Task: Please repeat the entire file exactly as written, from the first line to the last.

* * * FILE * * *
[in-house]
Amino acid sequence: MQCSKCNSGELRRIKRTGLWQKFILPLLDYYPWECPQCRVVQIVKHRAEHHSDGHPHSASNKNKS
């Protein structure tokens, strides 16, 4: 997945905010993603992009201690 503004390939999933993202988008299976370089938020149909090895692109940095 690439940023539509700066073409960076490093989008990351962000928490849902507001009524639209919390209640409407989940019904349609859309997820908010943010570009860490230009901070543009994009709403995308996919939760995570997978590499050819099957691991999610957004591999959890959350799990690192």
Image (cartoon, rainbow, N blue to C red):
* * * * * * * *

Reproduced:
[in-house]
Amino acid sequence: MQCSKCNSGELRRIKRTGLWQKFILPLLDYYPWECPQCRVVQIVKHRAEHHSDGHPHSASNKNKS
């Protein structure tokens, strides 16, 4: 997945905010993603992009201690 503004390939999933993202988008299976370089938020149909090895692109940095 690439940023539509700066073409960076490093989008990351962000928490849902507001009524639209919390209640409407989940019904349609859309997820908010943010570009860490230009901070543009994009709403995308996919939760995570997978590499050819099957691991999610957004591999959890959350799990690192």
Image (cartoon, rainbow, N blue to C red):